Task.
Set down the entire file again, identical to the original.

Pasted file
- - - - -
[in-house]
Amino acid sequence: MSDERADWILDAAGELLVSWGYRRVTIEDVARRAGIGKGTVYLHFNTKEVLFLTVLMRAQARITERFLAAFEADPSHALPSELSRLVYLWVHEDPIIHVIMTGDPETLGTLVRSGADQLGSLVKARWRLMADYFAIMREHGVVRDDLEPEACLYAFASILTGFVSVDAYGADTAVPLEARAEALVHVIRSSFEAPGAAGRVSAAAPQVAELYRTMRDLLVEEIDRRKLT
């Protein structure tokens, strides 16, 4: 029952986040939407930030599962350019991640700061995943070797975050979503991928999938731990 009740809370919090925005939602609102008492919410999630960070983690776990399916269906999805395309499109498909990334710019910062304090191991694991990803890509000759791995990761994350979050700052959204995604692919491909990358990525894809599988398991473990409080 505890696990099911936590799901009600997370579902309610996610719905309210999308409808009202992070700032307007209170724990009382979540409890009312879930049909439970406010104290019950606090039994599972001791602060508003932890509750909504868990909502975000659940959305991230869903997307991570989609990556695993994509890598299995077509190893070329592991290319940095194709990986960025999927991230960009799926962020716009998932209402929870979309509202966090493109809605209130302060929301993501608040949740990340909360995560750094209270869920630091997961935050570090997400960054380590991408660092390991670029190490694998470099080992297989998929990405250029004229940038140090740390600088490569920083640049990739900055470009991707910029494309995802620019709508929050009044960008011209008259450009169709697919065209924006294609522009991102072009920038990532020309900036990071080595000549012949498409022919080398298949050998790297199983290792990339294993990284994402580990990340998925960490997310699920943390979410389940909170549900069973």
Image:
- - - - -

[in-house]
Amino acid sequence: MSDERADWILDAAGELLVSWGYRRVTIEDVARRAGIGKGTVYLHFNTKEVLFLTVLMRAQARITERFLAAFEADPSHALPSELSRLVYLWVHEDPIIHVIMTGDPETLGTLVRSGADQLGSLVKARWRLMADYFAIMREHGVVRDDLEPEACLYAFASILTGFVSVDAYGADTAVPLEARAEALVHVIRSSFEAPGAAGRVSAAAPQVAELYRTMRDLLVEEIDRRKLT
């Protein structure tokens, strides 16, 4: 029952986040939407930030599962350019991640700061995943070797975050979503991928999938731990 009740809370919090925005939602609102008492919410999630960070983690776990399916269906999805395309499109498909990334710019910062304090191991694991990803890509000759791995990761994350979050700052959204995604692919491909990358990525894809599988398991473990409080 505890696990099911936590799901009600997370579902309610996610719905309210999308409808009202992070700032307007209170724990009382979540409890009312879930049909439970406010104290019950606090039994599972001791602060508003932890509750909504868990909502975000659940959305991230869903997307991570989609990556695993994509890598299995077509190893070329592991290319940095194709990986960025999927991230960009799926962020716009998932209402929870979309509202966090493109809605209130302060929301993501608040949740990340909360995560750094209270869920630091997961935050570090997400960054380590991408660092390991670029190490694998470099080992297989998929990405250029004229940038140090740390600088490569920083640049990739900055470009991707910029494309995802620019709508929050009044960008011209008259450009169709697919065209924006294609522009991102072009920038990532020309900036990071080595000549012949498409022919080398298949050998790297199983290792990339294993990284994402580990990340998925960490997310699920943390979410389940909170549900069973």
Image: